Hitler's death: On 30 April, realizing that all was lost and not wishing to suffer Mussolini's fate, German dictator Adolf Hitler committed suicide;

German forces in Italy surrender: On 29 April, the day before Hitler died, SS General Karl Wolff signed a surrender document agreeing to a ceasefire and surrender of all the forces at 2pm on 2 May; nearly 1,000,000 men in Italy and Austria;

 German forces in Berlin surrender: The Battle of Berlin ended on 2 May. On that date, General der Artillerie Helmuth Weidling, the commander of the Berlin Defense Area, unconditionally surrendered the city to General Vasily Chuikov of the Soviet army;

German forces in North West Germany, Denmark, and the Netherlands surrender: On 4 May 1945, the British Field Marshal Bernard Montgomery took the unconditional military surrender from Generaladmiral Hans-Georg von Friedeburg, and General Eberhard Kinzel, of all German forces "in Holland [sic], in northwest Germany including the Frisian Islands and Heligoland and all other islands, in Schleswig-Holstein, and in Denmark… includ[ing] all naval ships in these areas." The number of German land, sea and air forces involved in this surrender amounted to 1,000,000 men. On 5 May, Großadmiral Dönitz ordered all U-boats to cease offensive operations and return to their bases. At 16:00, General Johannes Blaskowitz, the German commander-in-chief in the Netherlands, surrendered to Canadian General Charles Foulkes in the Dutch town of Wageningen in the presence of Prince Bernhard (acting as commander-in-chief of the Dutch Interior Forces).

Central Europe: On 5 May 1945, the Czech resistance started the Prague uprising.

German forces in Breslau surrender: At 18:00 on 6 May, General Hermann Niehoff, the commandant of Breslau, a 'fortress' city surrounded and besieged for months, surrendered to the Soviets;

Jodl and Keitel surrender all German armed forces unconditionally:  At 02:41 on the morning of 7 May, at SHAEF headquarters in Reims, France, the Chief-of-Staff of the German Armed Forces High Command, General Alfred Jodl, signed the unconditional surrender documents for all German forces to the Allies;

Victory in Europe: News of the imminent surrender broke in the West on 8 May, and celebrations erupted throughout Europe. In the US, Americans awoke to the news and declared 8 May V-E Day. As the Soviet Union was to the east of Germany it was 9 May Moscow Time when the German military surrender became effective, which is why Russia and many other European countries east of Germany commemorate Victory Day on 9 May.

That left Japan.

Saturday, May 2, 2015

Seventy Years Ago In Europe - The End Approaches

In early May, 1945, the German Army began collapsing. Soldiers on the Western Front were surrendering right and left. Here is one story of a German Army (150,000 men) surrendering to an American Division (10,000 men).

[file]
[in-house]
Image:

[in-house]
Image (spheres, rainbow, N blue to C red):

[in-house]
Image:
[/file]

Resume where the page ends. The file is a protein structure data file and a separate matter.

Monday, March 30, 2015

Only Two Doolittle Raiders Left

April 18, 1942, 16 US Army B-25 Medium Bombers took off from the Navy Carrier Hornet to attack the Japanese home islands. This was one of the most remarkable military operations in history. It happened only four months and eleven days after the attack on Pearl Harbor. The raid didn't do much damage, but it showed Japan they were vulnerable and changed the course of the war. If you haven't seen the movie Thirty Seconds Over Tokyo, put the movie on your list.
Retired Lt. Col. Robert Hite, one of the famed World War II Doolittle Tokyo Raiders, has died. He was 95 and had Alzheimer's disease .
LA Times

Friday, December 26, 2014

The Last Man Killed (In the Great War)

When we lived in Belgium and traveled in northern France, we soon learned that Frenchmen had little to say about World War II. After all, we finally understood, to France, WWII consisted of two brief periods: one from the German invasion until Dunkirk and surrender, and eleven months between Normandy and the German surrender. The rest was German occupation.

The war of vivid French and Belgian memory was the "war of 14-18" as they call it. In 1980, we attended a wedding feast in Belgium, sitting across from an octagenerian who had been a young woman of twenty when the Germans (les Boches, she called them) invaded.  Her memory of those four years was as clear as if the events had happened yesterday. And she had no use for "les Boches."

Today's New York Times  has an article by Richard Rubin (author of The Doughboys) describing his search in the Argonne forest region for a monument he had seen years earlier. Finally, with the help of a local woman, he found it:

"It’s an unassuming marker, a stone just a few feet high. Someone had placed a bench next to it since the last time I’d visited, but [my guide] didn’t sit; perhaps she felt that would be irreverent. This, after all, was the very spot where the very last man was killed in the Great War: Pvt. Henry Nicholas Gunther of Baltimore, 23 years old, shot through the head at 10:59 a.m. on Nov. 11, 1918."

There is surely a story here. The Armistice was to begin at 11:00 a.m. November 11, 1918. Surly the Sergeants told their soldiers to keep their heads down. Why did Gunther stick his head up? What was the German shooter thinking? What was the point of pulling the trigger?

Rubin's article is worth reading for many reasons. He tours the battlefields and is impressed with the formidable and technologically advanced German installations. "How could Germany have lost?" He asks repeatedly.

Historians still grapple with that question. But when Rubin asks local Frenchmen how the Germans lost, their answer is succinct: "Les Americains."

It is worth reading Rubin's other New York Times articles touching on the same subject:

Tuesday, November 11, 2014

Armistice Day, 2014